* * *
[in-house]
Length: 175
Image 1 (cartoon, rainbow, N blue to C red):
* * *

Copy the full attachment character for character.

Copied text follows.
[in-house]
Length: 175
Image 1 (cartoon, rainbow, N blue to C red):